Then And Now: How The World Series Of Poker Came To Be

In 1970, Binion’s Horseshoe owner Benny Binion invited seven of the world’s top poker players to his Las Vegas casino in an effort to determine who was the best of the bunch. Legend has it that Binion asked the players to vote on who was the best among them. Every single player voted for themselves.

Binion held a second vote and asked the players to vote for who they thought was second best. Johnny Moss became the first ever World Series of Poker Champion at that time.

In 1971, they played a No Limit Hold’em tournament of sorts to decide who was the best. Moss won the title again.

The largest poker tournament series in the world

What started with a vote, then a single event, has since grown into the largest poker tournament series in the world.

In fact, it’s now held for six weeks annually in Las Vegas and draws players from across the globe. A five-card stud event was added in 1973. The number of events representing different poker variants and buy-in levels has continued to grow ever since.

The winner of each World Series of Poker event now receives a coveted WSOP bracelet. In 2018, the WSOP will hold an incredible 78 different bracelet events.

The series still culminates with its $10,000 No Limit Hold’em WSOP Main Event. The winner of the WSOP Main Event has always been considered poker’s World Champion.

The number of entries into the WSOP Main Event stayed under 100 through the first decade of the tournament’s existence. Live satellites were added in the 1980s allowing players to win their way into the Main Event at a discount.

However, the number of WSOP Main Event entries did not climb to more than 200 until 1991.

Online satellites abound

The first real money online poker sites launched in the late 1990s, and by the early 2000s, these sites started offering online satellites into live events at the WSOP. In 1997, the WSOP Main Event drew more than 300 players for the first time. However, that number grew significantly over the next few years, rising to a whopping 839 in 2003.

However, the 2003 WSOP would ultimately be remembered for a lot more than just the fact it was the first time a WSOP Main Event drew more than 800 players.

Chris Moneymaker, a Tennessee accountant and amateur poker player, won a seat in the tournament through a $86 satellite on a fledgling online poker site called PokerStars. He went on to win the title and its $2.5 million first-place prize.

Coverage of the tournament on ESPN created huge interest in the aptly named Moneymaker and his incredible story. PokerStars followed up with an ad campaign convincing the general public they could be next. Both online and live poker experienced an unprecedented boom in popularity.

With dozens of online poker sites from around the world offering online satellites into the WSOP Main Event, the number of entrants rose to 2,576 in 2004, 5,619 in 2005, and peaked at 8,773 in 2006.

The US online poker market

That same year, the US government passed a law making it illegal for US financial institutions to process payments for online gambling sites. Some offshore online poker sites pulled out of the US market. Others stayed, but the number of WSOP Main Event satellite winners coming from inside the US went down, and the Main Event’s significant growth was suddenly halted.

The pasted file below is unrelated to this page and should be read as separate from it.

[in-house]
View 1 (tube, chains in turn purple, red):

The number of bracelet events, total entries, and the total prize pool for all WSOP events combined continued to grow significantly during the next decade. The WSOP soon expanded globally, hosting a limited number of additional bracelet events in Europe and the Asia-Pacific region. In 2010, the WSOP even went online, launching a real-money online poker site in the United Kingdom and a play-money site for the US market.

On April 15, 2011, the US Department of Justice shut down the three largest poker sites operating in the US, including Full Tilt Poker, PokerStars, and Absolute Poker/Ultimate Bet. Site executives were charged with bank fraud, money laundering, and violating gambling laws.

The case against the operators was eventually settled, but they were forced out of the US market.

Online WSOP bracelet events

By 2013, lawmakers in Delaware, Nevada, and New Jersey had passed laws making online poker legal inside their borders. The WSOP launched online poker sites in New Jersey and Nevada in 2013. The sites soon started running online satellites into live events at the WSOP, and in 2015, the WSOP’s Nevada-based online poker site ran the first ever online WSOP bracelet event.

They did the same thing again in 2016. However, in 2017, the WSOP hosted a total of three online bracelet events, and its most robust series of online satellites into live events at the WSOP ever.

The Nevada site has started running online satellites earlier in the year than ever before. Plus, in the summer of 2018, it will host four different online bracelet events. This includes the first Pot-Limit Omaha online WSOP bracelet event in history.

The future of the WSOP and online poker

The WSOP Nevada site started sharing player pools with software partner 888 Poker sites in Delaware in 2015. New Jersey signed an agreement to share player pools with both states in 2017. WSOP will soon become the first site to offer shared games in all three states.

All signs point to the WSOP continuing to expand the scope and reach of its online poker presence. It may not be long before players in states with legal and regulated online poker across the US are contesting online satellites into live WSOP events and WSOP bracelet events without having to travel to Nevada.

Online poker appears to present the WSOP’s biggest opportunity for growth. Legal and regulated online poker continues to spread to various states across the US. As long as that growth continues, it appears the WSOP will continue to get bigger right alongside it.

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